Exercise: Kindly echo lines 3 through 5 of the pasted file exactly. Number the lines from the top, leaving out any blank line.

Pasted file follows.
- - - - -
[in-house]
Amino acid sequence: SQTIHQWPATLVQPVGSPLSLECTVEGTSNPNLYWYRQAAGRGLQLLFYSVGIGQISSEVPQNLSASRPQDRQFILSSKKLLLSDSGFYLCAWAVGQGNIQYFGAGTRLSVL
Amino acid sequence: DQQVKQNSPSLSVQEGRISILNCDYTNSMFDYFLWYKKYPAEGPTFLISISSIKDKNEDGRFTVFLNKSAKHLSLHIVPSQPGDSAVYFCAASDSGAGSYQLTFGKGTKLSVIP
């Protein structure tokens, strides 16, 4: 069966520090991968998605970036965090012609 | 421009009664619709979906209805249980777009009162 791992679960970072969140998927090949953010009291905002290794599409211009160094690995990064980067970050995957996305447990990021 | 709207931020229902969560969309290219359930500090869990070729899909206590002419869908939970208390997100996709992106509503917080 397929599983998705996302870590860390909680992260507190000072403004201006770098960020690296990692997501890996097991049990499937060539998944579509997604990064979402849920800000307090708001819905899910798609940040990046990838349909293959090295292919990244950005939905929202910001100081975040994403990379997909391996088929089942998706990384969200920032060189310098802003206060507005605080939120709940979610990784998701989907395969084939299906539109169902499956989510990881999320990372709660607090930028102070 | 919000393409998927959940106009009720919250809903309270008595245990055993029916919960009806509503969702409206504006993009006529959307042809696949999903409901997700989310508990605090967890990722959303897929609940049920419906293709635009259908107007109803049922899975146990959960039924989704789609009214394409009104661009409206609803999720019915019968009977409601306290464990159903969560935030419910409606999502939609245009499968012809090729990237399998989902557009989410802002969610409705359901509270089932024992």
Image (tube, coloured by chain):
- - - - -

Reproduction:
Amino acid sequence: DQQVKQNSPSLSVQEGRISILNCDYTNSMFDYFLWYKKYPAEGPTFLISISSIKDKNEDGRFTVFLNKSAKHLSLHIVPSQPGDSAVYFCAASDSGAGSYQLTFGKGTKLSVIP
């Protein structure tokens, strides 16, 4: 069966520090991968998605970036965090012609 | 421009009664619709979906209805249980777009009162 791992679960970072969140998927090949953010009291905002290794599409211009160094690995990064980067970050995957996305447990990021 | 709207931020229902969560969309290219359930500090869990070729899909206590002419869908939970208390997100996709992106509503917080 397929599983998705996302870590860390909680992260507190000072403004201006770098960020690296990692997501890996097991049990499937060539998944579509997604990064979402849920800000307090708001819905899910798609940040990046990838349909293959090295292919990244950005939905929202910001100081975040994403990379997909391996088929089942998706990384969200920032060189310098802003206060507005605080939120709940979610990784998701989907395969084939299906539109169902499956989510990881999320990372709660607090930028102070 | 919000393409998927959940106009009720919250809903309270008595245990055993029916919960009806509503969702409206504006993009006529959307042809696949999903409901997700989310508990605090967890990722959303897929609940049920419906293709635009259908107007109803049922899975146990959960039924989704789609009214394409009104661009409206609803999720019915019968009977409601306290464990159903969560935030419910409606999502939609245009499968012809090729990237399998989902557009989410802002969610409705359901509270089932024992």
Image (tube, coloured by chain):